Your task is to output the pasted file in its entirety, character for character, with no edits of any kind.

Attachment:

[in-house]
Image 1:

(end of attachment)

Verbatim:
[in-house]
Image 1: